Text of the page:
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About Everything Wiki » Relationships » 5 "tongues of anger" that prevent you from getting closer to your partner

5 "tongues of anger" that prevent you from getting closer to your partner

04 Jun 2023, 00:01, parser
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Gary Chapman's book "Five languages of love " became a real bestseller. It is often studied by couples who want to find the secret of eternal happiness. The main idea of the author is that everyone in a relationship has their own basic way of expressing feelings and that partners need to show will and learn to communicate "in the language of love" with each other in order to find harmony.

Indeed, many couples in love often suffer precisely because they speak different "languages". Knowing about the desires and needs of another person is important for a relationship. However, as with the study of any foreign language, it is not possible to establish communication immediately. The problem may be that the partner's "language of love" is sometimes drowned out by the "language of anger" — angry tirades, harsh statements and outraged cries that turn into a cacophony of pain and rejection.

What are the "tongues of anger"

The author of the idea, psychologist and writer Mike Verano identifies five types:

  1. Righteous: "The truth is on my side, but you're wrong." People who choose this language are driven by a sense of superiority, and any conflict with them quickly turns into an enumeration of all the partner's past mistakes and transgressions.
  2. Outraged: "How can you?" Often this phrase is pronounced with some bewilderment, designed to soften it, but the subtext is always the same — the "victim" did not deserve such treatment. This is a classic "arrow translation" scheme that forces both sides to defend themselves.
  3. Demanding retribution: "You will pay for everything!" People who use this language never forget or forgive anything and follow the "eye for an eye" rule. Moreover, they can be inactive for a long time, because "revenge is a dish that is served cold."
  4. Distracting: "What about a situation where...?" Speakers of this language skillfully switch the attention of the interlocutor in order to avoid responsibility for their words and actions and force him to defend himself. It's like sneaking a cookie out of someone else's box and then getting angry that it's stale.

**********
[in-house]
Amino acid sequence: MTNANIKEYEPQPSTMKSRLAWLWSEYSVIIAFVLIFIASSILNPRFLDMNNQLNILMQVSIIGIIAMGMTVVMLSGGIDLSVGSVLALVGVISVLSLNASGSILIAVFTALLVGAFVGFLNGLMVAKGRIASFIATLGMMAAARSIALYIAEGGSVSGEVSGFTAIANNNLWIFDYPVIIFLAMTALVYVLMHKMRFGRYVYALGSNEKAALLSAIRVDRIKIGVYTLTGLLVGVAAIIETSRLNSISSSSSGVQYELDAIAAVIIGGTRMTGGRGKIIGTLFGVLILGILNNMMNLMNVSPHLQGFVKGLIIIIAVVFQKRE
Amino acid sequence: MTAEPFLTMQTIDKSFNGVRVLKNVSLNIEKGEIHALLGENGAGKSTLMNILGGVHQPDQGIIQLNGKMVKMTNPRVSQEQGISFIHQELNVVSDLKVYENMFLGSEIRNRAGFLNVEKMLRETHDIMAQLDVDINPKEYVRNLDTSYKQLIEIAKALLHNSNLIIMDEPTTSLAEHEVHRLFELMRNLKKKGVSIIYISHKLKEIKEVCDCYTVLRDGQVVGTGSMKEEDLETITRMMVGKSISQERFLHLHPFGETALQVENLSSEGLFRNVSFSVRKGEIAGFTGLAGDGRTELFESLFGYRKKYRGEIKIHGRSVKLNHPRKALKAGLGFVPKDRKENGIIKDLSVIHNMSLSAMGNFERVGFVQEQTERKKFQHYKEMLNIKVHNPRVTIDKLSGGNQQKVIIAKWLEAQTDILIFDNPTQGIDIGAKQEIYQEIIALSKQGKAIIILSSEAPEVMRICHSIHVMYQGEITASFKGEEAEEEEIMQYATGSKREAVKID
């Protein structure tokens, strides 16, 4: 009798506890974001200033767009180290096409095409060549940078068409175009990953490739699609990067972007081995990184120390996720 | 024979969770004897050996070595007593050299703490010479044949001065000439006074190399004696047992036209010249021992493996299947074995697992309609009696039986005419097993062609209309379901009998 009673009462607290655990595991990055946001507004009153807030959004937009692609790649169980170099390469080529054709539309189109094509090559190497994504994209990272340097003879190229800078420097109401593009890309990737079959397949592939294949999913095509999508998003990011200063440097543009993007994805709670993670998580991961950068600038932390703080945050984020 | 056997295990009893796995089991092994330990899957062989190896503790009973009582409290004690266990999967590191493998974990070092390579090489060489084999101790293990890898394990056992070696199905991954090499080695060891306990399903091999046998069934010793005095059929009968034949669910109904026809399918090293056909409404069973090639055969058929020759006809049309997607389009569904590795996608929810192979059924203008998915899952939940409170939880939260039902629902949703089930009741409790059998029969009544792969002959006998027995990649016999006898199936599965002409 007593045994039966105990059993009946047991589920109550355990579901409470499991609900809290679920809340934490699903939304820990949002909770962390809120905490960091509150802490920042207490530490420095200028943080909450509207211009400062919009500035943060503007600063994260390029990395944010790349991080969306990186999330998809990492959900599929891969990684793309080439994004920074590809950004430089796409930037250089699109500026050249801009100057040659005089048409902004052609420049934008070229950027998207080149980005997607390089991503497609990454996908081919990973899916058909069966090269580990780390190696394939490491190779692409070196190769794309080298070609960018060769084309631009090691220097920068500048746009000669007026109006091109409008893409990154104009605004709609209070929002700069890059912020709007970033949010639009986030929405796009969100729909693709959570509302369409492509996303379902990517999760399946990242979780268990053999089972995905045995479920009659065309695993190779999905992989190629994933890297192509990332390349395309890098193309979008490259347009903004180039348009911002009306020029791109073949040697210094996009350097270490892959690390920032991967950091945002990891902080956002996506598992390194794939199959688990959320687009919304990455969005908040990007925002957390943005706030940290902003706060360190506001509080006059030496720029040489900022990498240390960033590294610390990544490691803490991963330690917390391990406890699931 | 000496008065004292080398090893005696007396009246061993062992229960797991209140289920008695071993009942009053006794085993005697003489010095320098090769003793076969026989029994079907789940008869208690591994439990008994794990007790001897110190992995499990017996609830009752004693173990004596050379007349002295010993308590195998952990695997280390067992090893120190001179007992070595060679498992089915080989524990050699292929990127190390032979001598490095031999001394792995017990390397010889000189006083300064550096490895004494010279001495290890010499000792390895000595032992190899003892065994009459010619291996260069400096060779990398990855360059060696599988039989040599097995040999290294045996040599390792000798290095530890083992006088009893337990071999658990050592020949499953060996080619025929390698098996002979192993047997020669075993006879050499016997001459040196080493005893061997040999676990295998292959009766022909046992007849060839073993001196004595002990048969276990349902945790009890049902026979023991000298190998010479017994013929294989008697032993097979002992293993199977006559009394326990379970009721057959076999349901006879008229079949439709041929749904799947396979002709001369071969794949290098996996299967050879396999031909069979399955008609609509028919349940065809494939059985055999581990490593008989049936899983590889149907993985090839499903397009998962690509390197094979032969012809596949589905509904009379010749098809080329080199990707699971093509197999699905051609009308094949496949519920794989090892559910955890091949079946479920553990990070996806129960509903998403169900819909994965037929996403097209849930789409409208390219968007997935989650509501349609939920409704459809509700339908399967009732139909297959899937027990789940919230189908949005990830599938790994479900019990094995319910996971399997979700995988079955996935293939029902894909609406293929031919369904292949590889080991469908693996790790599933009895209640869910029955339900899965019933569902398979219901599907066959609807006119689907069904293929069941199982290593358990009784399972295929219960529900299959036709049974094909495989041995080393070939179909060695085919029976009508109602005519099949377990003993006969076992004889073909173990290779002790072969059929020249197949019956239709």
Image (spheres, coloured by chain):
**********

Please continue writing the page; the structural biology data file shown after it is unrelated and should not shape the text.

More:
5. Justifying: "You deserve it." People who choose this language usually remind of karma, but also give it a powerful boost themselves, acting as a judge and jury.

"Tongues of anger" are often combined and can easily lead to real anger. And although it is usually easier to recognize and understand them than the "languages of love", we try to ignore and avoid them. The reason is that at the heart of every "language of anger" is fear. Fear of being wrong, fear of being used in someone else's interests, fear of losing control, finding out the truth or appearing weak.

What to do with the "tongues of anger" in a relationship

Gary Chapman's advice to first learn the "language of love" of a partner ignores ancient wisdom "Get to know yourself " and a more recent idea that it is important to start changes with yourself. Very often we carefully study the personality of another person, but we do not understand our own needs, interests and motives at all.

Of course, it is better to study your "language of anger" with a professional psychologist. It often happens that depression and anxiety are hidden under the mask of anger. But there are several steps that you can do yourself:

  • Give the relationship priority. In his book " You can't put up with swearing" family psychologist David Burns notes that one of the main problems with conflicts in a couple is not difficulties in communication, but lack of care about the partner and about the relationship when they move to the second, fifth or tenth place in your life.
  • Learn to let go. Over time, this attitude has acquired a shade of pseudo-Buddhist practice, which people follow because they have to, and not because they know how to do it. But there is a power in it that helps to get rid of unnecessary emotional baggage. In many cases, the problem lies precisely in the habit of constantly returning to the same quarrels, not allowing yourself to let them go.
  • Be ready to forgive. Disgust, resentment and resentment are poison that we consciously take in the hope of "poisoning" someone else. The ability to forgive really heals.

At first glance, it may seem that all these steps require serious effort and work on yourself. All right. But this is nothing compared to the amount of energy and mental strength you spend to keep anger under control and not explode.

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